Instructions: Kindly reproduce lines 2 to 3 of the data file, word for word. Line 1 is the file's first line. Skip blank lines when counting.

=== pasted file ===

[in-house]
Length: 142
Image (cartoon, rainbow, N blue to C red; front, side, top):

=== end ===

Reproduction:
Length: 142
Image (cartoon, rainbow, N blue to C red; front, side, top):